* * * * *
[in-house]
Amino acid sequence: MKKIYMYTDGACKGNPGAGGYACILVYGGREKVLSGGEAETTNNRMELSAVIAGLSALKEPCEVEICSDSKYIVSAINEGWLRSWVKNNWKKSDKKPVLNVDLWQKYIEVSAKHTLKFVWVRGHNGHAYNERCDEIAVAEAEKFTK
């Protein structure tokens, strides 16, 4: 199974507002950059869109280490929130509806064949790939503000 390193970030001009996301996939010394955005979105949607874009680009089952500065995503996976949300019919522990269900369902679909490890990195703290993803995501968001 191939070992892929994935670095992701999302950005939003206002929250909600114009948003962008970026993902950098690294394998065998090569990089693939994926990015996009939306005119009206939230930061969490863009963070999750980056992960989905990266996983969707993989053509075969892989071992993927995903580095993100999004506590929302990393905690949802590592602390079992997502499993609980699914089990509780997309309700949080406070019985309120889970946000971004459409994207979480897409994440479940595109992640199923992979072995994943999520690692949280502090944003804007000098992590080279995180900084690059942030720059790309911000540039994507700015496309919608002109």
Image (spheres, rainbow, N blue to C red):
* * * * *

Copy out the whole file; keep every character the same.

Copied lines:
[in-house]
Amino acid sequence: MKKIYMYTDGACKGNPGAGGYACILVYGGREKVLSGGEAETTNNRMELSAVIAGLSALKEPCEVEICSDSKYIVSAINEGWLRSWVKNNWKKSDKKPVLNVDLWQKYIEVSAKHTLKFVWVRGHNGHAYNERCDEIAVAEAEKFTK
């Protein structure tokens, strides 16, 4: 199974507002950059869109280490929130509806064949790939503000 390193970030001009996301996939010394955005979105949607874009680009089952500065995503996976949300019919522990269900369902679909490890990195703290993803995501968001 191939070992892929994935670095992701999302950005939003206002929250909600114009948003962008970026993902950098690294394998065998090569990089693939994926990015996009939306005119009206939230930061969490863009963070999750980056992960989905990266996983969707993989053509075969892989071992993927995903580095993100999004506590929302990393905690949802590592602390079992997502499993609980699914089990509780997309309700949080406070019985309120889970946000971004459409994207979480897409994440479940595109992640199923992979072995994943999520690692949280502090944003804007000098992590080279995180900084690059942030720059790309911000540039994507700015496309919608002109």
Image (spheres, rainbow, N blue to C red):